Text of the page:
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Azzurri: Formations, Flops and Failures

With the Nations League opener against Poland now in the rear-view mirror, the Mancini regime will have lots to discuss and iron out before Tuesday’s clash with Portugal.

It wasn’t pretty, but the Italians managed to salvage a point at home against a well organized Poland. Azzurri Head Coach Roberto Mancini made it clear that changes were in fact coming for the side in the second match of the group.

“We will certainly make some changes and want to build on the second half performance. We need to get a better result than this,” Mancini stated. We could very well change the system too, just like a few players, but I think in the first half the issue wasn’t so much tactical as technical. When there are fewer misplaced passes, the defence will suffer much less.”

Flops and Failures

It is clear that nothing was working in the first half. The attack was isolated and the midfield struggled to put anything together. The only option the Italians played with was passing the ball into the corners and try to find Balotelli, usually triple marked, in the box.

The plan failed for numerous reasons, including Insigne’s lack of a cutting edge and Jorginho failing to take command of a young midfield. Roberto Gagliardini showed signs of being more than useful, while Lorenzo Pellegrini did not make an impact on proceedings whatsoever.

That continues to be Pellegrini’s biggest problem for both the national and club set up, his failure to really get into games and make a mark is becoming a problem. For the Under-21 Italy side, he was on the ball much more and was always dangerous, now it appears he is afraid to get on the ball and make a play.

The recycling pass and move system Italy has used is incredibly straightforward and predictable. Poland sat back rather comfortably despite having only 40% of the ball for much of the game. Jorginho, who was virtually marked out of the game by Piotr Zielinski, would pass to either winger who would then simply get bogged down in the corners, unable to find space and then pass back to a defender 40 yards back.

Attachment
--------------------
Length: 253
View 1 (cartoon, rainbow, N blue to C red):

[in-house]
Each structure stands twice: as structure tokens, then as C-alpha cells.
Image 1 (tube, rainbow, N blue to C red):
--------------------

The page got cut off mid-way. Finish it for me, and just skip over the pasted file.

It was sterile, and obvious that Italy does not have the personnel to play a 4-3-3, which pundits had long predicted to be the next big formation. It simply does not work in live matches.

Italy only began to play well when Lorenzo Insigne was taken off for 20-year-old Federico Chiesa, who attacked Poland’s defense directly, instead of drifting out wide.

With Bernardeschi and Chiesa, the two wingers were taking on their opposite number directly and creating space for Andrea Belotti in the midfield. This created a domino effect which then allowed Jorginho to get on the ball in a more attacking position.

Overall, Mancini’s substitutions impacted the game positively, but it was too late for a winner. What we did see however is that Lorenzo Insigne, Mario Balotelli and Jorginho are not going to be the saviors Italy needs to become a power house again and that the 4-3-3 must be scrapped.


It’s back to the drawing board with few certainties and a nation that is clamoring for a sign of returning to greatness. So far in the six matches Italy has played since their elimination against Sweden in November, not a single clean sheet has been kept and only one win has been recorded. The 4-3-3 has been primarily used, it can be concluded that this is not the way to go.

A 3-5-2? Impossible. Italy doesn’t have a deep lying playmaker nor the attacking midfielders needed to be effective. What made the formation successful in the past was Andrea Pirlo and Daniele De Rossi were able to dictate the attack from the midfield line with ease. Now, there’s nobody who can lead the charge except Leonardo Bonucci in the center of defense.

4-2-3-1? For me this is the more likely option. The defensive scheme can more or less stay the same while Mancini tries to identify his starting fullbacks. It appears Zappacosta is locking down the right flank but on the left it is anybody’s game.

In the two man defensive midfield, Jorginho could play alongside a host of options, including Nicolo Barella and Bryan Cristante. In the three man attacking trident, Bernardeschi and Chiesa could be utilized in a more free roaming role with Marco Benassi being situated in the center. The main striker would also have to be named since Mario Balotelli is likely to miss the game due to injury. Ciro Immobile and Andrea Belotti remain the most obvious replacements.

Regardless of tactics or formations, the attitude of the setup has to change. The attack needs to be more direct and daring. Sitting back and waiting for something to happen continues to cause Italy problems, they have to take the game to their opponents, or risk disappointment yet again.



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